Housing Slump Tarnishes a Fed Leader's Legacy
David R Francis columnist, The Christian Science Monitor
By the time Alan Greenspan left the Federal Reserve in 2006 after 18 years as chairman, he was almost sainted by many in the financial community.
No longer. The subprime mortgage crisis has pummeled his reputation.
"It's hurting him," says David Wyss, chief economist of Standard & Poor's, a financial information service in New York. "He didn't solve all the problems of the world. He didn't walk on water. But he swam pretty well."
Of course, the hindsight of critics can often be better than their foresight.
On the monetary policy side, for instance, some critics don't recall the mental atmosphere in 2001 when Mr. Greenspan's Fed cut a key interest rate to about 1 percent and kept it there until 2004. Many economists then were worried about the possibility of a depression or a 10-year economic stagnation like that which had hit Japan.
Maybe the Fed should have raised that rate sooner, suggests Mr. Wyss, possibly diminishing the size of the recently burst housing price bubble. But that action might also have led to "a deeper and longer recession," he adds.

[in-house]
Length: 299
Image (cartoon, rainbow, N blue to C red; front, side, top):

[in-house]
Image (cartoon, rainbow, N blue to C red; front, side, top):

Regardless, the criticism of Greenspan is now shifting away from monetary policy to what's seen as the central banker's weakness on the regulatory side.
"Greenspan's a libertarian," says Charles McMillion, head of MBG Information Services in Washington. "He's opposed to regulation by background ... and got away with it for the most part during his tenure. I was always just astonished at his lack of interest in the regulatory role of his job."
Other economists make similar jabs.
"There was a horrible failing of regulation in the last six years or so," says Dean Baker, codirector of the Center for Economic and Policy Research in Washington. He says Greenspan should have used the Fed's powerful regulatory and supervisory functions in the financial area to deflate such bubbles as soaring stock market prices in the 1990s and the housing bubble.
The Fed's financial regulators and others did meet in August 2005 to look at slipping credit standards in the mortgage industry, recalls Harald Malmgren, a Washington economic consultant. But neither Greenspan, nor his academic-inclined successor, Ben Bernanke, made any regulatory moves to stem the rampant greed in the mortgage market.
That is, until last Tuesday when the Fed proposed changes in the Truth in Lending regulations "to protect consumers from unfair or deceptive home mortgage lending and advertising practices."
"There is no excuse for them taking so long," says Mr. …